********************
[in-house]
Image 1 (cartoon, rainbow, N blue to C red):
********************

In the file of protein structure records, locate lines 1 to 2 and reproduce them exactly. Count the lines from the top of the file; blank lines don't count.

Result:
[in-house]
Image 1 (cartoon, rainbow, N blue to C red):